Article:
Alex Khoobani profile picture

Alex Khoobani Psychotherapy, LCSW

Not Taking New Clients

Alex Khoobani is compassionately quirky and provides an uplifting space to work through life transitions and self-limiting cycles. She infuses a balance of warmth and accountability, emphasizing insight, relationships, self-care, and realistic solutions. Through personalized therapy and coaching, Alex supports her clients in embracing authenticity, confidence, and healing.

Specialties
  • Anxiety and Panic Disorders
  • Life Transitions
  • Women’s Mental Health
  • Obsessive-Compulsive Disorder
  • Personality Disorders
Pay with insurance
  • UnitedHealthcare
  • Oxford Health Plans
  • Cigna
  • Aetna
  • UMR
  • Oscar
  • UHC Student Resources
Pay out-of-pocket
  • $ $ $ $ $
    $140-200
Locations
Licensed in
Therapy licenses aren't like driver's licenses — each state has its own set of rules. To offer care, a provider needs to be licensed in the state you're located in when sessions are happening.
  • Connecticut
  • New York
mic icon
Provider
Profile
“It would be a disservice not to mention how my self-reflection and healing in my own therapy have shaped me as a person and a therapist.”
What was your path to becoming a therapist?
As the kid of a therapist, I remember thinking that I would NEVER be one when I was a teenager. Fast forward and my first job out of college was working at a nonprofit that applied holistic practices to individual and social issues. This is when a lightbulb went off for me: I wanted to be a therapist! Since entering into the field, my experience has included therapeutic work with children, adolescents, and adults experiencing anxiety, depression, personality disorders, family issues, trauma, and systemic oppression. Topics I’ve trained in include cognitive behavioral therapy, dialectical behavior therapy, parenting skills development, trauma-informed practice, sandplay therapy, play therapy, and mindfulness practice. My recent training includes certification in treating personality disorders and characterological issues. For a number of years, I have also served as a consultant, developing and researching social work curriculum and community programming for people experiencing major life transitions.
What should someone know about working with you?
Before we start, we'll talk to see if we’re a good fit. Individuals, parents, adults, families, and friends are my ideal clients. It's fair to say that I particularly enjoy working with moms, other therapists, and folks who struggle with perfectionism and imposter syndrome. Once we decide to move ahead, you’ll find that even the assessment phase is super conversational. Building a trusting relationship and bringing in our authentic selves to sessions are central to our work together. There are no cookie-cutter approaches here! We will wade through what you are bringing to the table and identify resources to immediately get started with relief. We'll take some time to explore your history, addressing current symptoms and concerns while calling out schemas and long-lasting patterns. Interventions vary, but please do expect a level of humor and avant-garde strategies. We’ll know you’re making moves when you’re coping better, communicating more confidently, and holding healthier boundaries!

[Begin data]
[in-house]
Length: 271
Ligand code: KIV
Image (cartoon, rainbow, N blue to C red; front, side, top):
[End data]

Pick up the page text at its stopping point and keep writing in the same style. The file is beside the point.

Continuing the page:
What do you do to continue learning and building competencies as a provider?
In the past few years, I’ve mostly participated in continuing education that focuses on perinatal and maternal mental health, infant and early childhood mental health, trauma, and personality disorders. Lately, I’m really focused on further developing my skills in schema therapy, treatment of obsessive compulsive disorder, and psychedelic-assisted therapy. I find that even though I may choose not to specialize in a particular area, connecting with other professionals and providers in the field through training and developing a foundational understanding of best practices allows me to take a holistic approach with my clients in treatment.
How do your core values shape your approach to therapy?
It would be a disservice not to mention how my self-reflection and healing in my own therapy have shaped me as a person and a therapist. As a credible messenger, my hope is to support my clients with challenging their unhelpful beliefs, problematic patterns, and stigma around mental health and neurodiversity. My own experiences around intersectionality, as well as my education and training, really are a central part of who I am in this work.
“As a credible messenger, my hope is to support my clients with challenging their unhelpful beliefs, problematic patterns, and stigma around mental health and neurodiversity.”